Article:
1  Introduction


Most teachers and trainers seem to believe that you learn best by doing. But how is this rather general belief to be put into practice? In particular:

What ideas or theories are there to help us to explain and justify the belief that we learn best by doing?

Does everyone learn by doing in the same way or to the same extent?

What teaching and learning methods are there for us to use which involve learning by doing?

If our courses are redesigned to involve more learning by doing, what might they look like?

How is it possible to change our teaching to involve learning by doing when we are surrounded by constraints?

What can go wrong?

How can we encourage our colleagues to change their teaching to involve more learning by doing?

This guide addresses these questions in a direct way with straightforward explanations and concrete examples. Its emphasis is on practical teaching and learning methods for implementing learning by doing.

'Learning by doing', and the term 'experiential learning', are commonly used to refer to several different aspects of learning. This guide is not concerned with the assessment of 'prior learning': learning experiences which have taken place before learners enrol on courses and which are taken into account in the assessment of the course or the granting of exemptions from course components. Neither is this guide directly concerned with experiential learning in terms of personal development and the human potential and growth movements. Although aspects of personal development, such as the growth of autonomy, are important to learning by doing, it is a massive and separate topic and deserves its own separate guide.



The guide is written to be used as a resource rather than as a book to be read right through. Sections 4 and 5 are full of practical ideas for teaching methods and course designs and are meant to be dipped into. Sections 2 and 3 provide the underlying ideas and Section 6 provides follow-up information if you wish to apply the ideas.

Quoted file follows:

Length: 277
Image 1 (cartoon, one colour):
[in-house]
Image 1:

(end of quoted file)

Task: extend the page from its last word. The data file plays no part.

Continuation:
Section 2 provides an explanation of experiential learning theory and the experiential learning cycle. It offers a way of structuring and sequencing learning to improve the effectiveness of learning from experience.

Section 3 describes the ways in which individuals differ in their preferred learning styles and in the way they handle their experiences. It explains some of the implications of experiential learning styles.

Section 4 describes a wide range of teaching and learning methods which implement each of the stages of experiential learning and which take learners round the experiential learning cycle.

Section 5 contains case studies of the use of experiential learning theory in course design and of the way experiential learning sessions are run. If you take experiential learning seriously, this is what your teaching may come to look like.

Section 6 contains exercises and materials to support staff development workshops designed to introduce teachers and trainers to experiential learning. It summarises the main assumptions underlying the adoption of experiential learning methods and lists the more common problems encountered in introducing experiential learning methods.



No it isn't! Inevitably the descriptions of teaching methods are brief and lack subtlety: sources are suggested for further reading. But reading on its own is not enough. Section 6 offers workshops for introducing experiential learning methods to teaching staff experientially rather than through passive reading alone. But it is not until methods are tried out and teachers gain first hand experience of their use that their full value can be appreciated. To learn about experiential methods you have to use them and experience them, reflect on their use and experiment again. Ideally this should be done co-operatively so that teaching experiences can be discussed. Probably the ideal use of the guide would be on an in-service teacher training course where those on the course tried selected methods out in their teaching and then discussed what happened.

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Created by Claire Andrew
Page created 10 January 2001